As a child I was always very flexible. I started off horse riding as my mother had and really loved it. My brother started Karate at the age of 3 and as soon as I was old enough I wanted to do it too! So finally, my parents gave in when I was 7 and let me join and I did extremely well. In the first year I had won competitions and trophies and in the second year I was competing in the world and european championships. By 9 I was a black belt, the youngest female black belt in this particular martial art and I remember being in the paper for it. Then, I saw ice skating on TV and fell in love. After much begging, my mum finally caved and let me go ice skating to see if I would like it. A friend she worked with, her daughter skated so asked if she would take me. As soon as I stepped on the ice, I whizzed across and bumped into the other side. The speed and thrill had me hooked. I had roller bladed for years so got to grips with ice skating pretty quickly as I found it was very similar.
My mum let me start a learn to skate course and I wanted more. By this point, I was still doing Karate and horse riding so something had to give. I gave up horse riding and the more skating I did, the less Karate I did. By 14 I had quit Karate and concentrated all my efforts into ice skating. I was having private lessons, routines and competition dresses made. I competed nationally for my ice rink and won quite a few trophies and medals. All this time becoming more and more flexible. I was knows for my spirals and spread eagles (I will explain later). Having very flexible knees and hips made these very easy for me and I couldn’t understand why others found it so hard. Skating didn’t generally come easy, the jumps alone I cannot even begin to put a number on the amount of falls I took. I even broke my nose once, face first into the barrier… a little embarrassing to say the least! I used to train up to 9 times a week around 2 hrs each training session. Before school so up at 5am and after school too. I kept up with my school work but I wasn’t very academically minded like my brother. My brother would read something once and remember it. Highly frustrating for a little sister I can tell you!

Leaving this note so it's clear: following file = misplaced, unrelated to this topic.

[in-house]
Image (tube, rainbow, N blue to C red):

Before I forget, the ‘spread eagle’ I mentioned earlier is this:
In 2002 my coaches students and I competed in Boston Massachusetts. In the singles I came first and in the group we came second. We all did extremely well, I think the judges like us British girls. During my skating career, I had suffered with bad backs, Achilles tendonitis, I had cortisone injections in places I really didn’t want them. A lot of people would put this down to wear and tear but not at 18. Yes I had been active and so are a lot of other people and they were OK. You can see the bendy knees here!
At 19 I was involved in a RTC. I was at a zebra crossing, waiting for someone to cross when a car hit me from behind. I remember seeing him in the rear view mirror and bracing for the impact. My car lurched forward and the person crossing the road ran. The car that had hit me had just come from a round-a-bout and was doing 40! I remember the pain in my neck and shoulders. The back-end of my car was a mess, the boot wouldn’t go down it was all crumpled and smashed. apparently the sun was in his eyes…